Our energy needs are diverse, and so are the new innovations to harness different energy sources to supply our demands.
We've been looking at a whole host of interesting and innovative solutions for energy generation recently: from NASA's floor tiles that capture energy from your footsteps, and "solar" panels that generate energy from rainfall, all the way to sensors powered by our own bodily fluids.
Last week, we looked at the possibilities offered by tech which lets us harvest water from the air, via a range of proven techniques to capture evaporated moisture and create clean drinking water. And now it looks like we might even be able to harvest energy from the air as well.
How does that work?
Engineers from the Massachusetts Institute of Technology (MIT) have pursued this idea using a small device called a thermal resonator to capture energy from changing air temperatures (which occur naturally throughout a day-night cycle in many climates across the world) or even from waste heat sources.
Using new concepts from materials science, the researchers published a paper in the journal Nature, highlighting how special materials can dynamically exploit temperature fluctuations, needing as little as a 10 degree Celsius fluctuation to generate small amounts of persistent power, which could be useful as long-term power sources for low-drain, remote devices and sensors.
This thermoelectric system works by capturing heat on one side of the device material only and slowly radiating it across to the other side. By maintaining a common difference, the self-contained, and fully-portable device can consistently generate power.
It is a different approach to other explorations into converting thermal energy into electrical energy - including solar thermal panels, which are now commercially common. This device uses "high-thermal effusivity materials" to allow it to operate in the shade and in any kind of wind condition. It also outperforms other materials, such as more common pyroelectric materials, by a factor of more than three, in terms of power per area.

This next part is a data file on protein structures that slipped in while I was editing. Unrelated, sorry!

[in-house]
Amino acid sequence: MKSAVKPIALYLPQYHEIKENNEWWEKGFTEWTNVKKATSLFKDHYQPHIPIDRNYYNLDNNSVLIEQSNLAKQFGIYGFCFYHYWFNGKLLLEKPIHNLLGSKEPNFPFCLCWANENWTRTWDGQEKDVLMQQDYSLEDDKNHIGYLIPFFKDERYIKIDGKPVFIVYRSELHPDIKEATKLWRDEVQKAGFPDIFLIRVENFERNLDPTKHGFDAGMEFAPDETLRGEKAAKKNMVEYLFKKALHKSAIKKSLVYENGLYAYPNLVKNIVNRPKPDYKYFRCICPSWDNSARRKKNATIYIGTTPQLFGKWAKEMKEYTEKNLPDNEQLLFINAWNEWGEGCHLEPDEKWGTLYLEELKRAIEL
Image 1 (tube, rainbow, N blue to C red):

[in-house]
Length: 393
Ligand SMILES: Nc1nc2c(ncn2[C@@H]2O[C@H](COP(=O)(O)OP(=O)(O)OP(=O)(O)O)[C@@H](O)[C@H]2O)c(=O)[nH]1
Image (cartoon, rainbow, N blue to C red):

“We’ve built the first thermal resonator,” says Anton Cottrill, the study’s lead author.
“It’s something that can sit on a desk and generate energy out of what seems like nothing. We are surrounded by temperature fluctuations of all different frequencies all of the time. These are an untapped source of energy.”
While researchers explained that the ideal application of the current device would be difficult to access locations, where batteries need regular replacement or recharging, this kind of technology could also have a significant impact when combined with waste heat, such as in industrial applications or the warmth given off by servers in data centres.
It could also be used as a complement to photovoltaic solar panels, which get less efficient the hotter they become. Adding a device with this kind of heat-to-energy technology could reduce heat stress on the PV cells and cool them down, while at the same time generating bonus electricity by taking the heat away and converting it. Win-win!